Cheap Rent is Not a Public Right

Frontier Centre, Housing Affordability, Regulation, Taxation, Uncategorized, Worth A Look

Rental accommodation is not a public good.

Landlords are private property owners. They should not be made to rent at a price the government, on behalf of renters, thinks is reasonable. Indeed, they cannot be made to. Whenever and wherever governments have tried to regulate rents, they have created shortages in rental units that have put further upward pressure on rents.

Rent control leads to fewer apartments being built, which leads to greater demand for the ones available, which leads to higher rents (or massive government rent subsidies), but never to “fairer” rents.

Landlords rent out apartments, houses and basement suites to make money. Sure, many also enjoy interacting with their tenants.

They might prefer tinkering with a faulty dishwasher in one of their suites to working 9-to-5 at an office job, or get satisfaction from patching and painting the walls in advance of a new renter moving in.

But despite what personal joys they may take, most wouldn’t be landlords if there wasn’t at least a small profit in it.

So if we limit their ability to make money, many will get out of the rental business altogether.

There are a lot of reasons for our current rental crunch — not just the boom — none of which will be solved by government regulation of rents.

The principal reason is the narrowing of the gap between renting and owning.

With the boom in condo construction in the past 20 years and the lowering of inflation and interest, it is now nearly as cheap to buy as to rent. So as more people have chosen to buy, the market has followed suit, building more condos than apartments.

The disappearance of many tax write-offs for multi-unit residential buildings has lowered the supply, too.

Danielle Smith, the then director of the Alberta Property Rights Initiative, explained the math in the Calgary Herald last fall. “In the current market, a condo developer would pay $250 per square foot to build, sell for $400 per square foot, and profit $150,000 from a 1,000 square foot unit.

“If instead he were to rent this unit out and net $1,000 per month in rental income — after taxes, finance expenses, maintenance and management costs — it would take 12-and-a-half years” to net the same return.

Not hard to see why investing in rental property is far less appealing than developing condominiums and townhouses given similar tax treatment of both.

Comments by renters and letter writers in The Journal and elsewhere reveal, though, how many people misguidedly see rent as a social good, rather than a commodity.

One letter-to-the-editor writer here said controls were needed because some people choose to rent. They don’t want the stress of a mortgage, insurance, repairs, utilities and so on that go with home owning.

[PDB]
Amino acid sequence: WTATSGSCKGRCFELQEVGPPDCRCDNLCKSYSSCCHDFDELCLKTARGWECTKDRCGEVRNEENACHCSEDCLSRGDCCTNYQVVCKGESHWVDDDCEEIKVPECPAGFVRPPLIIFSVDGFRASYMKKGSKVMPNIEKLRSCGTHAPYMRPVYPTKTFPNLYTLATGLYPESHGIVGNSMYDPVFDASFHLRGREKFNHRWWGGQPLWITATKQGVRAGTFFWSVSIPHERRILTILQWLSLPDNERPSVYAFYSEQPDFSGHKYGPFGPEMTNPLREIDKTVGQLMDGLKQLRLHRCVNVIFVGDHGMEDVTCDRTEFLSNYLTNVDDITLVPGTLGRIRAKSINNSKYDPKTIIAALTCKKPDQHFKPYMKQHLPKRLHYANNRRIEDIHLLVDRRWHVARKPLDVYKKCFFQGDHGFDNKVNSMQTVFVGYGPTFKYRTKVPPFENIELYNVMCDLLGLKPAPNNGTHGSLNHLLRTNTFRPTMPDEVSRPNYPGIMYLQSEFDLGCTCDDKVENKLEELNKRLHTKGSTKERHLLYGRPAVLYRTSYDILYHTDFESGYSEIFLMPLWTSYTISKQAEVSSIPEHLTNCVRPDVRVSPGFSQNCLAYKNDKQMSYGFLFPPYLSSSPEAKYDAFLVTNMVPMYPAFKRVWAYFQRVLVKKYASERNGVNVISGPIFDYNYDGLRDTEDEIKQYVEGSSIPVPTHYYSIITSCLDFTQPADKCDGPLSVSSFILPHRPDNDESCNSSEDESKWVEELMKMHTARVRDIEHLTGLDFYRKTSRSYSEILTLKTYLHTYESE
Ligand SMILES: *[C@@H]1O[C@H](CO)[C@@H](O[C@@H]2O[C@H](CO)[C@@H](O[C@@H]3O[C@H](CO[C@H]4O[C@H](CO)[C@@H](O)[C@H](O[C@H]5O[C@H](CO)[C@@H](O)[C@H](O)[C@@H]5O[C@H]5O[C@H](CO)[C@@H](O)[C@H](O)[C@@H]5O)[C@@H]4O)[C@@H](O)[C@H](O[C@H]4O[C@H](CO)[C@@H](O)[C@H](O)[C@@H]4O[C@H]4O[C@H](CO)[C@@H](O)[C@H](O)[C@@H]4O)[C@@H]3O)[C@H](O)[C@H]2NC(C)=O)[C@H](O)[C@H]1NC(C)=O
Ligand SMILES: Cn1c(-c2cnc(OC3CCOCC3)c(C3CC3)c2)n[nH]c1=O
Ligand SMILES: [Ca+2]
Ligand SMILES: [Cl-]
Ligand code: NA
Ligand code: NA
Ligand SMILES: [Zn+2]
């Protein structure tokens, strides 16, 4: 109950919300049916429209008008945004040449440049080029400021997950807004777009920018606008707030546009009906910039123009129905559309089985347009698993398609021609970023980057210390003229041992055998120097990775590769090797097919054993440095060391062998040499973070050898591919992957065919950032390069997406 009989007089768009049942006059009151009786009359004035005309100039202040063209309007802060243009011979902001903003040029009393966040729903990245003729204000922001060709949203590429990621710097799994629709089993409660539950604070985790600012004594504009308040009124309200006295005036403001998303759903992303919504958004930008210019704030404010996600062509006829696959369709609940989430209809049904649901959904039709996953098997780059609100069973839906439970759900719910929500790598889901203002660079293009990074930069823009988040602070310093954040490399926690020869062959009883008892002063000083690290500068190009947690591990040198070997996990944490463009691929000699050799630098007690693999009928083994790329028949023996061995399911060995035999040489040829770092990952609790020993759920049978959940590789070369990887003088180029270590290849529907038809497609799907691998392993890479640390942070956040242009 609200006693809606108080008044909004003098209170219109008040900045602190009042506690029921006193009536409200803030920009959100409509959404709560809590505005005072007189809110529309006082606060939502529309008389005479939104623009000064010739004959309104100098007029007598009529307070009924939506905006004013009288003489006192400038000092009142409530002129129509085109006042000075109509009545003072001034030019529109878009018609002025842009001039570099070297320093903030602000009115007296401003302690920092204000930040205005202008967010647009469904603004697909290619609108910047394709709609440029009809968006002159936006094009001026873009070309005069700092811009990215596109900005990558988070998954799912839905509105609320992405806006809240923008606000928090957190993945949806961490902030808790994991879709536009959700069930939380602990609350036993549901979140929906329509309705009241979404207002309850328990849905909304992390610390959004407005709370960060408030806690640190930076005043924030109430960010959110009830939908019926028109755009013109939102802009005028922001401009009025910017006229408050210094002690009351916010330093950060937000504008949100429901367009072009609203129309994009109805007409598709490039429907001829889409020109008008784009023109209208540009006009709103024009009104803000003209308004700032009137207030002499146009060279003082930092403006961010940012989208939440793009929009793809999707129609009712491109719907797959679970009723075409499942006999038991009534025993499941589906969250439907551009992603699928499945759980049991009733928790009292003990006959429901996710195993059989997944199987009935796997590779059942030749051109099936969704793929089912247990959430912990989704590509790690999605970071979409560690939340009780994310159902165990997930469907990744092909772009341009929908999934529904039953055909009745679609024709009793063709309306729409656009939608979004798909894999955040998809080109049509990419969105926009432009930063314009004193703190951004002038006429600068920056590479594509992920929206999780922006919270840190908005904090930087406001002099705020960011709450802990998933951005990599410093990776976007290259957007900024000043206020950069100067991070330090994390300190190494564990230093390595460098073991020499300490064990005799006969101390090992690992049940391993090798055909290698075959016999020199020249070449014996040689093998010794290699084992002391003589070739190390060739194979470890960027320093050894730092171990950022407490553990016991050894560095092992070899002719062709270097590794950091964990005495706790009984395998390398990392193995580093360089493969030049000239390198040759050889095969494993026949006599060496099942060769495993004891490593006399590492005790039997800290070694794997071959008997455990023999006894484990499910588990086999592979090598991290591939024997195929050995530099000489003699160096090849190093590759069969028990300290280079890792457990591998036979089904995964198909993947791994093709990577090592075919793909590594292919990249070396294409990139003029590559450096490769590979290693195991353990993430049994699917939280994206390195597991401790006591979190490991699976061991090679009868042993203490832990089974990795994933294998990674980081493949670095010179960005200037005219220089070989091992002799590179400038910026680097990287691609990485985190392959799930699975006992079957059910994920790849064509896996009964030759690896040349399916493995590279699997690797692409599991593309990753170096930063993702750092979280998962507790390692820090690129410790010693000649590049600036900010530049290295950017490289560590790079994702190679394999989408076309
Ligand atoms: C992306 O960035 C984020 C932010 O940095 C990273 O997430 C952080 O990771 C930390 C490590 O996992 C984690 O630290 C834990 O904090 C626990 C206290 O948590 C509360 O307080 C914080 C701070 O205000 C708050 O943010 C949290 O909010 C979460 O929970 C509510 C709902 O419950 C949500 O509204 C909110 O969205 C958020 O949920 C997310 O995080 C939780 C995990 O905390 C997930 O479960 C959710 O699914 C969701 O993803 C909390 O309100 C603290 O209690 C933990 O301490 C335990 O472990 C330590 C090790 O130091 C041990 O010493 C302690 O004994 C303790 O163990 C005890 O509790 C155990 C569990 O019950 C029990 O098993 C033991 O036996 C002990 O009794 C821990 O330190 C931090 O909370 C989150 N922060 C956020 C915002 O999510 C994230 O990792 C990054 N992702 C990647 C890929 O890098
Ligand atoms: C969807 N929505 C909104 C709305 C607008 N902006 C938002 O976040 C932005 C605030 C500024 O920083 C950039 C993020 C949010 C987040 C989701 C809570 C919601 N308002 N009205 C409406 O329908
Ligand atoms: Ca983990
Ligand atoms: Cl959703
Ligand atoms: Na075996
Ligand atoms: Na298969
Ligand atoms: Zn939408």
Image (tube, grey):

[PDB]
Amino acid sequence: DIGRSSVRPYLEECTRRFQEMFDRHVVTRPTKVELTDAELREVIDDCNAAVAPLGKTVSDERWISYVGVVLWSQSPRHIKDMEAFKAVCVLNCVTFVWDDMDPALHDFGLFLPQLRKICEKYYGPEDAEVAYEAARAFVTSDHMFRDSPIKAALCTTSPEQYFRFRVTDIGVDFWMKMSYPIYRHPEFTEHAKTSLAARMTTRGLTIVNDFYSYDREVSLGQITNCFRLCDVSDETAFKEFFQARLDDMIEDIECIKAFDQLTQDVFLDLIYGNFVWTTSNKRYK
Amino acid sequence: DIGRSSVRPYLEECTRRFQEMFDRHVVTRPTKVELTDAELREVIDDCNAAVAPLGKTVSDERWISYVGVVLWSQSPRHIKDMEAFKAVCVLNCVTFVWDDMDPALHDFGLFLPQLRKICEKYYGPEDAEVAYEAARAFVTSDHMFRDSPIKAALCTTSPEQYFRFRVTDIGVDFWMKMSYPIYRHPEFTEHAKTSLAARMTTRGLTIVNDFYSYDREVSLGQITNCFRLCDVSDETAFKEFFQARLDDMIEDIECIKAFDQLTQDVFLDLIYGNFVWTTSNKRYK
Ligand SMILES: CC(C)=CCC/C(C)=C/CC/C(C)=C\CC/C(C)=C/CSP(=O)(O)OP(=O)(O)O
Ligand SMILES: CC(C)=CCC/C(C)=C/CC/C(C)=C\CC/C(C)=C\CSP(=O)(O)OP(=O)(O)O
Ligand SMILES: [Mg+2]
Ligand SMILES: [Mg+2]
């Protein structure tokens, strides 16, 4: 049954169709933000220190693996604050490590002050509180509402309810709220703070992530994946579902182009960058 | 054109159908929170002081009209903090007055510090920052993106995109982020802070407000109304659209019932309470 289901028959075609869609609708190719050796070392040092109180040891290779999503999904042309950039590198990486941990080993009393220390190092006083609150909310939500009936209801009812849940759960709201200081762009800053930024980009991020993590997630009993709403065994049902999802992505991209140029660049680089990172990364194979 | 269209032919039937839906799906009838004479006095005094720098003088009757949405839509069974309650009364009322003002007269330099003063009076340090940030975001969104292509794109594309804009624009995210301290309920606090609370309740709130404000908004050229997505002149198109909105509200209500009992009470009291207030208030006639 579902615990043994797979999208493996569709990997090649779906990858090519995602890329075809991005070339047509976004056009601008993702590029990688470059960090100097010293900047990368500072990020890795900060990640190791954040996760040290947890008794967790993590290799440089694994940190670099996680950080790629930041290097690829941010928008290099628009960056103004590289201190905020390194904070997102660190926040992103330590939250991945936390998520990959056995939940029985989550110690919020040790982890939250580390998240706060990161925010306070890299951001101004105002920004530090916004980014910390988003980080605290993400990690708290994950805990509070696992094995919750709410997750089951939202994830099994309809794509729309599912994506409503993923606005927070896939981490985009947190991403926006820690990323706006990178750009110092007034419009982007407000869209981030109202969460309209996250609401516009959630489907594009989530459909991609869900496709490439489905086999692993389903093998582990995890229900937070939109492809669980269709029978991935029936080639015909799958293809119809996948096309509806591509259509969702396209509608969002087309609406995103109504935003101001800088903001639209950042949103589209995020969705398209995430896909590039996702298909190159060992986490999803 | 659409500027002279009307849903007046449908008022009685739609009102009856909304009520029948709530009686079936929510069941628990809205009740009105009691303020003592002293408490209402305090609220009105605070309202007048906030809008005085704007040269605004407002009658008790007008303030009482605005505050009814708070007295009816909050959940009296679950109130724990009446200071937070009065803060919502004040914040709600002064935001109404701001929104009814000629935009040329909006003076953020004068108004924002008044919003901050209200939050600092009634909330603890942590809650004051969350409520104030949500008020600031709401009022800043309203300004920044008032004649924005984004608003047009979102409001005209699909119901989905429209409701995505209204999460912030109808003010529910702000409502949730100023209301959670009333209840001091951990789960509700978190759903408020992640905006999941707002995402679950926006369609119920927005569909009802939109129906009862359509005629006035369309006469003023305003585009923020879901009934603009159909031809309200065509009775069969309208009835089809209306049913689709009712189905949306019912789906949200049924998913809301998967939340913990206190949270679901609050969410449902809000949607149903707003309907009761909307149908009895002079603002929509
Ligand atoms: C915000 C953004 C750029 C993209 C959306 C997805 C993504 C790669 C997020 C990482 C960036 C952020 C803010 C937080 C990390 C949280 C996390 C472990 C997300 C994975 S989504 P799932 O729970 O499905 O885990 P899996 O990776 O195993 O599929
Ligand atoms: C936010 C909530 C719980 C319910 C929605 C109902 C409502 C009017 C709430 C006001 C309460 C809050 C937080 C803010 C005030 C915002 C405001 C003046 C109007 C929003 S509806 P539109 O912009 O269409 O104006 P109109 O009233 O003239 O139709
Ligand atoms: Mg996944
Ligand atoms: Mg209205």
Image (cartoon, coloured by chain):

OK. But why, then, do landlords have an obligation to subsidize that choice?

That is what rent controls are — a subsidy extracted from landlords by government in favour of tenants.

Another renter, quoted elsewhere said, “They should institute rent control. I’ve been saving for a house and now can’t afford the mortgage payments because of the way things are.”

But why, suddenly, should it be your landlord’s obligation to mitigate the effects on you of the current hot housing market?

Back when all electricity in Alberta was pooled, those of us who lived in built-up areas of the province used to pay a monthly charge above and beyond the cost of our power to help keep the cost low in rural and remote areas.

Why? Did they have to add a little onto their monthly mortgage payments to compensate big-city Albertans for higher house prices? Of course not.

But somehow we get it in our heads from time to time that certain goods and services are not like the others. Rent and health care are two good examples. Because of moral or social attributes we ascribe to them, they can be freed from the laws of economics. We tell ourselves, for instance, we can regulate landlord behaviour to bring hope to those saving to buy a house without also distorting the rental market. Our good intentions are enough.

“I think they should put a stop to rent increases because a lot of people are having a hard time making ends meet,” said a radio interviewee.

Yeah, and I think “they” should put an end to foul-weather long weekends so we soccer parents don’t have to freeze our buns off on tournament sidelines.

But wishing can’t make it so.

Give new rental properties a property-tax holiday for five or 10 years.

Streamline zoning laws to permit more basement or “secondary” suites. Remove some of the myriad construction regulations on new apartments. There are plenty of ways to encourage a growth in the supply of units (and thereby lower rents), without resorting to rent controls.

But also remember who opened this can of worms. Not the Liberal opposition or the New Democrats or the Friends of Renticare. It was our own Premier Ed Stelmach, whose simplistic populism continually lands him in trouble.